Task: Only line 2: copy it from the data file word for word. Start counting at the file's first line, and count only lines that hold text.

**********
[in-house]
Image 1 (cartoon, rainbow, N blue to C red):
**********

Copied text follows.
Image 1 (cartoon, rainbow, N blue to C red):